When buying a heating or cooling appliance, be sure you understand whether the stated BTU capacity refers to the unit’s input or output. An input BTU refers to the fuel used; an output BTU measures the heat (or cooling) created.
What is a SEER?
SEER stands for Seasonal Energy Efficiency Ratio. Air conditioner units with high SEER ratings use less electricity to get your home to a comfortable temperature, reducing your energy or gas bill.
Mathematically speaking, a unit’s SEER rating is calculated by dividing the annual cooling output (measured in BTUs) by the total electric energy input (measured in kilowatt-hours)—in other words, dividing the amount of cool air the a/c generates by the number of kilowatts it takes to generate it.
The relationship between SEER ratings and efficiency doesn’t necessarily mean that you choose an a/c unit with the highest SEER rating you can find. There are other factors that may determine what SEER rating is best-suited for your home and overall HVAC system.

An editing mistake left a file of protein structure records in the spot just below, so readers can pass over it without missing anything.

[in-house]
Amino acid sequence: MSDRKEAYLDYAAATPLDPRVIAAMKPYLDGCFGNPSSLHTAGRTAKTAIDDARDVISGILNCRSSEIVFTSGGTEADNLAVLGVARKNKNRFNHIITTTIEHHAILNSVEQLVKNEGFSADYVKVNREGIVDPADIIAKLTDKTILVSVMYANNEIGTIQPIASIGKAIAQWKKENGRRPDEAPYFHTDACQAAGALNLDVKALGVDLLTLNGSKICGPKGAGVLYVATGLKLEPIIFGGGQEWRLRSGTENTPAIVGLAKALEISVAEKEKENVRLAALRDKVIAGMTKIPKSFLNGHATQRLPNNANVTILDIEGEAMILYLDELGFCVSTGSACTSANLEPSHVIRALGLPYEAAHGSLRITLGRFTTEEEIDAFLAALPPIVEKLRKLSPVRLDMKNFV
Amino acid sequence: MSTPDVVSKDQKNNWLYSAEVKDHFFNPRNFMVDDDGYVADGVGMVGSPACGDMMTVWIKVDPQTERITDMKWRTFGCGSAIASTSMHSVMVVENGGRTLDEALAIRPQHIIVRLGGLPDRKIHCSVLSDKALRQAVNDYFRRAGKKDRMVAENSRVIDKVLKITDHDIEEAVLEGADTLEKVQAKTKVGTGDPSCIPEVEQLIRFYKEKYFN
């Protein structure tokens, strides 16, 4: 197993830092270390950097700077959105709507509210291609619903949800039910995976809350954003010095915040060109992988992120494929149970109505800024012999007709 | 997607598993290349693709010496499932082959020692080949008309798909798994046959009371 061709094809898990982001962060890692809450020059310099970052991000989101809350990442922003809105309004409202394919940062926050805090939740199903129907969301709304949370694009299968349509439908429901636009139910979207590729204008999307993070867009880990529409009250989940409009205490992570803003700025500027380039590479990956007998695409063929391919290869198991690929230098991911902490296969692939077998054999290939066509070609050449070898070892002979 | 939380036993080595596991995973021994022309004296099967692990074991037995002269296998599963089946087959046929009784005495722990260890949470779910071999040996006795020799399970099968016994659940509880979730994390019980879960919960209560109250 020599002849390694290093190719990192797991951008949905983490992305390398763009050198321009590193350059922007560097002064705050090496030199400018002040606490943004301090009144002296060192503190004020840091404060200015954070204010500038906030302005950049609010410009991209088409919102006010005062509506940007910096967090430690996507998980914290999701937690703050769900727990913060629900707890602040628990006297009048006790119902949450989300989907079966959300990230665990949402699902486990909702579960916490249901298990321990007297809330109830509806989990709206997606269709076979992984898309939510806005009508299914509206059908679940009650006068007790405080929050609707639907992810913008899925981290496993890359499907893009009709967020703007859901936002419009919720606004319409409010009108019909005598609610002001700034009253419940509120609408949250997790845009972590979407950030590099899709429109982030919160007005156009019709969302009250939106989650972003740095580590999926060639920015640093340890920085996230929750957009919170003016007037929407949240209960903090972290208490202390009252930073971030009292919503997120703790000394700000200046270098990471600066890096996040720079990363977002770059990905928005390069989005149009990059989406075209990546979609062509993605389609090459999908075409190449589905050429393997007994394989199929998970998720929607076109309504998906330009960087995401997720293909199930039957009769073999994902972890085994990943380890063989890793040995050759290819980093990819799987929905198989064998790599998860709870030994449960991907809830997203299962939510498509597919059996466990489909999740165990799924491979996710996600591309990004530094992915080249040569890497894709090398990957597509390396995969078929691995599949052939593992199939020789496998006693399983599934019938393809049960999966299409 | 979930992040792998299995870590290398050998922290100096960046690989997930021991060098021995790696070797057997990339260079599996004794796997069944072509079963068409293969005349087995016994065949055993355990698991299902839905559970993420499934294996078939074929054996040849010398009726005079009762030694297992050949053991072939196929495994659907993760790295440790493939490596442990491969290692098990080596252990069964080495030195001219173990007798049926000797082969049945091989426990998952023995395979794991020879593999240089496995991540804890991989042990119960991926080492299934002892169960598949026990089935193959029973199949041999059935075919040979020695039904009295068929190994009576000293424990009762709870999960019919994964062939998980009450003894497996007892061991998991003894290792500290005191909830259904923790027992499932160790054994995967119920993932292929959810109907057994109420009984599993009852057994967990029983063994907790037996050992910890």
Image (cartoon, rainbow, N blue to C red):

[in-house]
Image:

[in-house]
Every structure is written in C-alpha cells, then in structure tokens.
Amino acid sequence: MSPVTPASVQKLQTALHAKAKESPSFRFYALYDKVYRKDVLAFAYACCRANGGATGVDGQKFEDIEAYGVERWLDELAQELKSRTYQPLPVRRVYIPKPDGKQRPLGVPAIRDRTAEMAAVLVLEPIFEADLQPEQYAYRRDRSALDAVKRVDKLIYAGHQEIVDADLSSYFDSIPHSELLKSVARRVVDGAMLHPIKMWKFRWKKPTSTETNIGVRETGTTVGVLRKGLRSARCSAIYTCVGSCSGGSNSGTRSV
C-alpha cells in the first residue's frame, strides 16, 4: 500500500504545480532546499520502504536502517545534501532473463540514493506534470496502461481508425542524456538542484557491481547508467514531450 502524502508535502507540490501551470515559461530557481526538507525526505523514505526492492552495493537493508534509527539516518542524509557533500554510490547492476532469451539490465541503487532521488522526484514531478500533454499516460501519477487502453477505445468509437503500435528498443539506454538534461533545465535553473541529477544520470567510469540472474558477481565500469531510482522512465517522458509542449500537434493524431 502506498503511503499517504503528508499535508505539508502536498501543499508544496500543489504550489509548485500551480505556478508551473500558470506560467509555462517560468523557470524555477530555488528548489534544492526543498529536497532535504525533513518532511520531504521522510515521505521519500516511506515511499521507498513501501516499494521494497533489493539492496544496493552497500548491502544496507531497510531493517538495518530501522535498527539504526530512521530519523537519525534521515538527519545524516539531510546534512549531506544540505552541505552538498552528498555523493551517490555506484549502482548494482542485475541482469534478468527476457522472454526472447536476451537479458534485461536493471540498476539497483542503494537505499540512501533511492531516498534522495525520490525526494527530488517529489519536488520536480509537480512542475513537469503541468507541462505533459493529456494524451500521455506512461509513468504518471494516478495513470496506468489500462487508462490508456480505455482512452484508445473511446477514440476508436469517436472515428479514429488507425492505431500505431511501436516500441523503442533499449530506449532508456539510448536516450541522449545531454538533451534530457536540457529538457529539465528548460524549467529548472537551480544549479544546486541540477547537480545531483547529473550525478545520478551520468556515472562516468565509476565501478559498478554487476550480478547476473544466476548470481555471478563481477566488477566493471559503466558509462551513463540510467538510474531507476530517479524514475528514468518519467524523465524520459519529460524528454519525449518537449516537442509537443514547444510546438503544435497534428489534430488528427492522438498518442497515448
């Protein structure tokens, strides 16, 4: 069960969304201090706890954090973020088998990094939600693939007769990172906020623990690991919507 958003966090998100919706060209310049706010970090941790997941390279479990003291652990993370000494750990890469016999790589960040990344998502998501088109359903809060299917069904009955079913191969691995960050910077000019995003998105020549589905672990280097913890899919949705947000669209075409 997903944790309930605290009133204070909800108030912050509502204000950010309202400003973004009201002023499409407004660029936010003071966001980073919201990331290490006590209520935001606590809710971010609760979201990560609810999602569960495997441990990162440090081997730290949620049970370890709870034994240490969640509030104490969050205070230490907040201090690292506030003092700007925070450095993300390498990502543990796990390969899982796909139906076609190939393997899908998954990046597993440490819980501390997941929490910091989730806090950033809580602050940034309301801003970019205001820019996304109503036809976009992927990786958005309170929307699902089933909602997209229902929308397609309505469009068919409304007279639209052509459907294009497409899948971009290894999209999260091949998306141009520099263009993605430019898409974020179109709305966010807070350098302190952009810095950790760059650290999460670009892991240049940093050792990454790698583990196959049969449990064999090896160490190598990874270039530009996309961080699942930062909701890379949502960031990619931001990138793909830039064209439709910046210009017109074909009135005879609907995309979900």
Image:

First, it’s important to note that a SEER rating signifies the maximum efficiency a particular unit can reach. It doesn’t mean that the unit will operate at that efficiency all of the time or even some of the time. For example, a top-of-the-line 20 SEER unit that’s far too large for the house it’s cooling is unlikely to ever perform at a higher rating than a more appropriately-sized unit, even one with a lower SEER rating. Knowing how the geography and climate of your area impact efficiency can ensure you don’t overpay for a higher SEER rating than you need.
You’ll also want to consider variables like your budget, your home size, how often your a/c is running, and how much time you spend at home. All of these factors can affect the necessary efficiency of the unit you choose.
What Size Air Conditioner Do I Need?